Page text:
Date of publication: July 1996
Description/subject: Submitted to the Members of the United Nations Committee on the Rights of the Child by Ethan Taubes, consultant to the International League for Human Rights 432 Park Avenue South New York, New York, 10016, U.S.A July 1996....Executive Summary: "Myanmar's initial report demonstrates a serious lack of understanding for the principles animating the Convention on the Rights of the Child (CRC). Through its chronic omission of virtually all relevant information, it describes a country in which children's rights are afforded special protection under national law .With its primary emphasis on reciting enacted legislation, and with little relevant commentary or factual documentation to fill the gaps, the report avoids any substantive discussion of what measures Myan.mar is taking to protect children's rights and enforce existing laws. SLORC attempts to mask its noncompliance with the Committee's reporting guidelinesl by using the subtitle "Implementation" in each section of its report. However, although the term "implementation" is continually waved like a talismanic wand at the reader, the sections usually refer to statutory provisions without providing any material on actual implementation measures the government is taking or, at least, planning to pursue. Implementation of the Convention does not"end simply with mechanical incorporation of the CRC provisions into national law .Legislation is meaningless unless it is accompanied by concrete administrative codes and guidelines for government agencies to follow and apply .Legislation must be bolstered by specific policy decisions and by political will to implement the principles of the Convention.2 Article 44(2) of the CRC requires States parties to include in their reports ". ..sufficient information to provide the Committee with a comprehensive understanding of the implementation of the Convention in the country concerned," The Myanmar report fails to satisfy this basic requirement. As a result, it will be all but impossible for the Committee to conduct discussions "to analyze progress achieved and factors and difficulties encountered in the implementation of the Convention," as is the responsibility of the Committee under its guidelines,3 The Committee should require that Myanmar submit another report within six months, because the current report is not in compliance with the reporting guidelines established by the Committee and fails to provide the information necessary for the Committee to conduct its discussions. For this purpose, the Committee should: (1) emphasize, and elaborate on, the reporting guidelines previously established in the CRC's Overview on Reporting Procedures, and (2) require that Myanmar be more forthcoming in its reporting, especially in its discussion of implementation measures, and demand that the SLORC not avoid difficult issues about protecting the rights of the Bumiese child."
Language: English
Source/publisher: International League for Human Rights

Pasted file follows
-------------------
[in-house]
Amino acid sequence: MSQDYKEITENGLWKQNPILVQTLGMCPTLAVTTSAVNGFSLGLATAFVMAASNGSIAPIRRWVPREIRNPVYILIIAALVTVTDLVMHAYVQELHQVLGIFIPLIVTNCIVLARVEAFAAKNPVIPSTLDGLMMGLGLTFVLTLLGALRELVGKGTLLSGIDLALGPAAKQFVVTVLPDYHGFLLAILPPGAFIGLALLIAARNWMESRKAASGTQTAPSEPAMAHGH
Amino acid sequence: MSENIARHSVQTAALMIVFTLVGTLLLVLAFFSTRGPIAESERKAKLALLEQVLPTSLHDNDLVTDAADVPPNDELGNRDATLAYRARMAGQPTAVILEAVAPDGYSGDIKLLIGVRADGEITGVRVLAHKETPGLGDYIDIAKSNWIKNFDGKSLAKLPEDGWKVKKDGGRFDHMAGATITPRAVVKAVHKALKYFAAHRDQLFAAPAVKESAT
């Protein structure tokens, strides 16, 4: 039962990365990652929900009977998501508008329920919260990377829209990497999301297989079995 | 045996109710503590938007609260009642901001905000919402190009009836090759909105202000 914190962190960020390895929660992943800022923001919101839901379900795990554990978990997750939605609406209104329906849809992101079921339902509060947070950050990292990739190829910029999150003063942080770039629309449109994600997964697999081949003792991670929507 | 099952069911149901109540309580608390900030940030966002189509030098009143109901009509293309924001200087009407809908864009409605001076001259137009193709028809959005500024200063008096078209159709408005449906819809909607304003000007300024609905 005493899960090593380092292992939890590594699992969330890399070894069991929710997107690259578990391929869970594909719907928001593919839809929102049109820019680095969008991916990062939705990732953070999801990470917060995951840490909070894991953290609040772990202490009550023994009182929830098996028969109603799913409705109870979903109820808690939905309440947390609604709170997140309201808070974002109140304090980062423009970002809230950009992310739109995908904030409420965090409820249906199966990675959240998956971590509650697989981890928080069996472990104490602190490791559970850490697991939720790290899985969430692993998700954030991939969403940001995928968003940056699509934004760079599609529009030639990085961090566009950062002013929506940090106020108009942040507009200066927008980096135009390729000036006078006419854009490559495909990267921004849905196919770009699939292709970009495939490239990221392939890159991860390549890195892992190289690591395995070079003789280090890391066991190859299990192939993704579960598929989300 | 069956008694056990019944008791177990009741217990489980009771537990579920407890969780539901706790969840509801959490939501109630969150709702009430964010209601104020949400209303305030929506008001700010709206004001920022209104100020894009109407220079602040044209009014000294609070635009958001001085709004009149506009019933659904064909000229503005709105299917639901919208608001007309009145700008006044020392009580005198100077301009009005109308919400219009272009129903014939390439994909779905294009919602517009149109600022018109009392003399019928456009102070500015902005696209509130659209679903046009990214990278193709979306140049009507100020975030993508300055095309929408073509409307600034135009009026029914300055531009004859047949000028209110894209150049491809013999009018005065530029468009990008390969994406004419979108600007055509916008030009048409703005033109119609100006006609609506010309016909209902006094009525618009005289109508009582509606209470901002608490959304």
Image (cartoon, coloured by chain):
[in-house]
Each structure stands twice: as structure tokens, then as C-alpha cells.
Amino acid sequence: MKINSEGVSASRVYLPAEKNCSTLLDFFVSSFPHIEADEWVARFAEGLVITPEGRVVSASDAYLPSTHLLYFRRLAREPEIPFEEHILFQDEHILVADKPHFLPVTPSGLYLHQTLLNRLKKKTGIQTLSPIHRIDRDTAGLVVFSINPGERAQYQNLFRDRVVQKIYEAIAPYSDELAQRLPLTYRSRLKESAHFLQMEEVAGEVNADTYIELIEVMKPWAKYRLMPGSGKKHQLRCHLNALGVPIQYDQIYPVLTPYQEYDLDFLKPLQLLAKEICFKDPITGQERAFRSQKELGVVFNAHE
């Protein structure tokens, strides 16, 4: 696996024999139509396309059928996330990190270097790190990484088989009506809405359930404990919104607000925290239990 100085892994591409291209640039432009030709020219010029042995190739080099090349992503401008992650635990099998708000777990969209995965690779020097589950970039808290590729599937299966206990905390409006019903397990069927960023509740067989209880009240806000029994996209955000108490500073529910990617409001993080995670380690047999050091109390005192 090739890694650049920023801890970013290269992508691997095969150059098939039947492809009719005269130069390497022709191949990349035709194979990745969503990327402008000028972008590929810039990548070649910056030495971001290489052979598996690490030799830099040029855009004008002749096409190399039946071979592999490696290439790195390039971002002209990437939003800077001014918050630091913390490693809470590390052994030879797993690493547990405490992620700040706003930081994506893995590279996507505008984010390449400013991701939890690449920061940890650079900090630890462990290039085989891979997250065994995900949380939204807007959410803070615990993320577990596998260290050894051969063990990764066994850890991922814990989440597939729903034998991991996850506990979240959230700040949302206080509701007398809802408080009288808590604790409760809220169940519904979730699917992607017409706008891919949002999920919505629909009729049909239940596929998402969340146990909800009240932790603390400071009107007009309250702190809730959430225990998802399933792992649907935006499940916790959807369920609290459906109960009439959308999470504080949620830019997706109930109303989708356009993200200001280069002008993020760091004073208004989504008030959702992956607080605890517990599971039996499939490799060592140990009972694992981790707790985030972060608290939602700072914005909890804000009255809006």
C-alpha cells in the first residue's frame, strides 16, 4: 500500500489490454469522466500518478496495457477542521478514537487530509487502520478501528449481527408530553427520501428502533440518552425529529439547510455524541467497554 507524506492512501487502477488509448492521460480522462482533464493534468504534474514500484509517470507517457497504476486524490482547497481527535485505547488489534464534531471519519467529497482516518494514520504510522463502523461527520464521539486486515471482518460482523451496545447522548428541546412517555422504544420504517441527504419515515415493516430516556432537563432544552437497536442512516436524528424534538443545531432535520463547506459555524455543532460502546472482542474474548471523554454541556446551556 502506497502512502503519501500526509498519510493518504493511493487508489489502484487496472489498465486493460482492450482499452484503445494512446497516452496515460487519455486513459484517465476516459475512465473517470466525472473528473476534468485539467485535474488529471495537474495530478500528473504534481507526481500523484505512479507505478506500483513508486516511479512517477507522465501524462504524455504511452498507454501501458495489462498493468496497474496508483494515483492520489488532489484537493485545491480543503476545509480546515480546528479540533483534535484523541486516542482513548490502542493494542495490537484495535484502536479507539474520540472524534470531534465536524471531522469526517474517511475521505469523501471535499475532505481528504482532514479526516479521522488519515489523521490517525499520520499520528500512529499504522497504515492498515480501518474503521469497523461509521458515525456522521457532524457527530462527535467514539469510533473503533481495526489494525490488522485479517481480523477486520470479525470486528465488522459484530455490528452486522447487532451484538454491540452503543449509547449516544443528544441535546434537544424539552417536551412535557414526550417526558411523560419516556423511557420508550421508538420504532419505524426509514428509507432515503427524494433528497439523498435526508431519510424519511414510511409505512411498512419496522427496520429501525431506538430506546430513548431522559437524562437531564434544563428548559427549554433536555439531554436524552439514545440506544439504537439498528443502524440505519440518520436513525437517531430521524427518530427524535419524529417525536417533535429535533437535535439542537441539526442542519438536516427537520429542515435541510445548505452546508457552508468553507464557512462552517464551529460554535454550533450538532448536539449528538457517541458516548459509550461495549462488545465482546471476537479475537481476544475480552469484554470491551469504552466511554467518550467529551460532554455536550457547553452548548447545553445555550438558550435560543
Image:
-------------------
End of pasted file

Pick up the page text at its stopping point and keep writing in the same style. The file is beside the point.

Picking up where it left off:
Format/size: pdf (893K)
Date of entry/update: 17 January 2012

Title: CRC 1997: The Situation of Children in Burma
Date of publication: 01 May 1996
Description/subject: "[This report was prepared as a submission to the UN Committee which is reviewing SLORC’s observance of the Convention on Rights of the Child, which SLORC ratified in 1991. Under the terms of the Convention, SLORC was required to submit a report to the Committee in 1993, but did not do so until September 1995. Their case comes before the Committee in Oct. 1996 or Jan. 1997. This report was submitted together with a 140-page Annex of excerpts from KHRG reports relating to children. It is reproduced here for general use.] This summary is intended for consideration by the United Nations Committee on the Rights of the Child. It has been prepared partly in response to the report filed by the State Law & Order Restoration Council (SLORC), Burma’s ruling military junta. It does not contain a paragraph-by-paragraph analysis of SLORC’s report, but instead attempts to summarize some of the worst problems facing Burma’s children today and point out some of the most glaring fallacies in the SLORC report. All of the observations and quotations included here are taken from our 4 years of living among and interviewing villagers, refugees and the internally displaced. In Burma the Tatmadaw (Army) exercises absolute power of life and death over every civilian, including children. Soldiers act with complete impunity, particularly in rural areas, and are not answerable to any laws which exist on paper in Rangoon. Children are often shot on sight in free-fire zones, tortured or executed as "suspected rebels", used for forced labour, forcibly conscripted into the Army and otherwise subject to direct abuse. They also suffer from the destruction of the village environment and the economy under SLORC policies, which are leading to widespread malnutrition and the death of children, the lack of educational opportunities, and other factors which rob them of a childhood..."
Language: English
Source/publisher: Karen Human Rights Group (KHRG Articles and Papers)
Format/size: html, pdf (115.54 K)
Date of entry/update: 03 June 2003

Title: CRC 1997: "When Children's Rights are Jeopardized, so is the Future of the Nation." - The Children's Rights situation in Burma
Date of publication: January 1996
Description/subject: "This paper is an attempt to investigate how Burma is treating its children. This has been done through collating already existigg material on the situation of children in Burma. No 'nev.' interviews or recordings have been done. The material consists of different reports, papers and books (see bibliography). Because of limited time and language skills this paper is just an attempt to show the differences between the Child Right's Coovention and reality, between what is said by the State Law and Restoration Council (Slorc) and whatthoy are actually doing..."
Author/creator: Sara Brunnkvist
Language: English
Source/publisher: "Burma Issues" via Norwegian Burma Council
Format/size: pdf (1.3MB)
Date of entry/update: 17 January 2012